December 27, 2008
Full set here.
Nanjing was the capital of several governments of China, including the Taiping and Nationalist goverments. Its name actually means "Southern Capital" (just as Beijing means "Northern Capital".) The city is okay, I guess. There was nothing heart-stoppingly amazing about it, but I had a decent time. I think the main issue was that I wasn't motivated to do a whole hell of a lot, since I was by myself and had roughly 24 hours to spend there (thanks to a train delay).
First I went to the Nanjing Massacre Memorial Hall, which commemorates the Japanese slaughter of over 300,000 Nanjing residents in 1937. The exhibits were tastefully done and really gave me a sense of what happened, which is what I wanted it's not an incident we hear much about in the West. But of course it still plays a huge role in Sino-Japanese relations today and, for me as a Jew, has parallels to the Holocaust. There is an excavated mass gravesite you can walk around, and there are various statues, which are done to look very ragged and horrifying, accompanied by poems and prose about that time.
After that I went to the mausoleum of Dr. Sun Yatsen, the founder of modern China. The memorial is up on Zijin Mountain (Purple-Gold Mountain) and is a pretty nice place. You have to climb up 392 stairs (some of which are pictured above) to get to his blue-and-white place of rest. You can circle around his body in a manner not unlike the way in which you can view Mao Zedong's body in Beijing. Around his mausoleum are some historical artifacts and facts about the man. Later on I went to the Presidential Palace, which has an interesting history. It's built on the site of a palace constructed as the seat of government for the Taiping rebels (another fascinating story I never learned about in America -- who wants to argue with a man who claims Jesus gave him a new set of internal organs?) In its current form it was the site where Dr. Sun was sworn in as president, and it's where Chiang Kaishek did his thing while he was in power. Pretty neat historical stuff. It's built in the style of a Ming Dynasty palace, with gardens, walkways, and everything. Check out the pictures, they're pretty neat.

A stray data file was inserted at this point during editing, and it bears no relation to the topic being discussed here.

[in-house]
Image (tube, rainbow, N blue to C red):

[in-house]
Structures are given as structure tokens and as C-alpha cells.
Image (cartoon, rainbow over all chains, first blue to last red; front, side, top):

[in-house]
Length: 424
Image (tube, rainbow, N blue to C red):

At night I went to the Confucius Temple area, which contains a huge night market and is all lit up with neon. There's nothing spectacular about it -- I just have grown to enjoy night markets and neon, so when I heard these two things where there in abundance, I went to eat some snacks and take some pictures. Good times :-) After that I retreated to my hotel room, where I caught Spider-Man 3 (awesome) and Good Luck Chuck (which I thought I was going to hate but, surprisingly, didn't) on HBO before falling asleep.
Another thing I should mention is the train ride I took to/from Nanjing. It was so entirely comfortable that even when we were stuck on the tracks for 45 minutes outside a smaller city, I didn't mind. I just kept reading my book. It was the "first-class" train which means the seats were super wide and I had tons of leg room. Plus the cabin was nice and quiet since the ride wasn't that full. It was very relaxing; I almost didn't want to get off at Nanjing!
Well that's it for travelling in China! It's been a great year. In addition to Shanghai, I've been to Hangzhou, Beijing, Macau, Hong Kong, Huangshan, Zhuji, Shaoxing, Suzhou, Xizang (Tibet), Kunshan, Xi'an, and Nanjing. Wow. I think that's pretty damn impressive for just one year, and I feel really good about all I've been able to do. It's certainly far more travelling than I've done in the States.
My next big trip is ... you guessed it ... back home to America on Friday. Yup -- less than a week!! Can you believe it? I can't really ...